Sync a fork of a repository to keep it up-to-date with the upstream repository.

Tip: Before you can sync your fork with an upstream repository, you must configure a remote that points to the upstream repository in Git.

  1. Open Terminal (for Mac users) or the command prompt (for Windows and Linux users) .
  2. Change the current working directory to your local project.
  3. Fetch the branches and their respective commits from the upstream repository. Commits to master will be stored in a local branch, upstream/master.

    git fetch upstream
    # remote: Counting objects: 75, done.
    # remote: Compressing objects: 100% (53/53), done.
    # remote: Total 62 (delta 27), reused 44 (delta 9)
    # Unpacking objects: 100% (62/62), done.
    # From
    #  * [new branch]      master     -> upstream/master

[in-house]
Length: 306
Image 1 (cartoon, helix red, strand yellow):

4. Check out your fork's local master branch.

    git checkout master
    # Switched to branch 'master'
  5. Merge the changes from upstream/master into your local master branch. This brings your fork's master branch into sync with the upstream repository, without losing your local changes.

    git merge upstream/master
    # Updating a422352..5fdff0f
    # Fast-forward
    #  README                    |    9 -------
    #                 |    7 ++++++
    #  2 files changed, 7 insertions(+), 9 deletions(-)
    #  delete mode 100644 README
    #  create mode 100644

If your local branch didn't have any unique commits, Git will instead perform a "fast-forward":

git merge upstream/master
# Updating 34e91da..16c56ad
# Fast-forward
#                 |    5 +++--
#  1 file changed, 3 insertions(+), 2 deletions(-)

Tip: Syncing your fork only updates your local copy of the repository. To update your fork on GitHub, you must push your changes.